Car wash security flaws let hackers 'physically attack' people

Bugs unpatchable, but common sense security controls help…

Laserwash

You've heard of vulnerable cars and washing machines. Now hackers can exploit security flaws affecting popular car wash rigs to damage customers' vehicles and "physically attack" people.

Back in 2015, Whitescope founder Billy Rios and Jonathan Butts, committee chair for the IFIP Working Group on Critical Infrastructure Protection, conducted a security analysis of car washing machinery developed by PDQ of Wisconsin, USA. The duo looked at PDQ's LaserWash 360 series, in particular.

Equipped with Smart 360™ Technology that lets it "think for itself," LaserWash enables its owners to update, report, and monitor the rig from a built-in web interface. Owners can connect this interface to the public internet to maintain LaserWash from afar. Strangely enough, they can even use the interface to keep up with PDQ on social media.

Carwash

A photo of LaserWash's web-based interface. (Source: The Register)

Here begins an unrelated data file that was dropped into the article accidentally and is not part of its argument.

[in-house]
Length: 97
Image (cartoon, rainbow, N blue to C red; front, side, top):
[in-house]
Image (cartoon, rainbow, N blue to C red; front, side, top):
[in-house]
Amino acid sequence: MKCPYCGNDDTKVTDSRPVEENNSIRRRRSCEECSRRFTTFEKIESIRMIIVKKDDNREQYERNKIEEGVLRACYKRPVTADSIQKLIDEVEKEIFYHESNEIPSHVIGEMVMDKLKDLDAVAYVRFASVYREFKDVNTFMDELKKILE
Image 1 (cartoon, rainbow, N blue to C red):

Unfortunately, this interface has some suds in its hardware.

The control system uses an embedded WindowsCE computer powered by an ARM-compatible processor. But Microsoft no longer supports that WinCE version. This means someone could potentially exploit security flaws to gain access to the system.

That's the hard way for an attacker to authenticate themselves. If the owner hasn't changed the default password of "12345," they can just log in. Piece of cake.

At that point, an attacker can do some truly terrifying things with the rig. As the researchers told The Register:

"Car washes are really just industrial control systems. The attitudes of ICS are still in there. We’ve written an exploit to cause a car wash system to physically attack; it will strike anyone in the car wash. We think this is the first exploit that causes a connected device to attack someone."

Rios and Butts found they could also close the car wash doors or slam the rig's rollers down onto a car, thereby potentially injuring any unsuspecting passengers inside.

Given the severity of these exploits, the duo alerted to PDQ about the flaws back in 2015 but didn't hear anything back until just before Black Hat USA 2017, where they presented their research.

PDQ told the researchers that it was impossible to patch the issues. But it did say it had worked with ICS-CERT to develop some mitigating security controls.

Anyone who owns LaserWash technology should therefore check out the ICS-CERT alert. They should then implement the security recommendations contained therein, which include isolating LaserWash's web interface behind a firewall and changing the password to something, anything, more secure.

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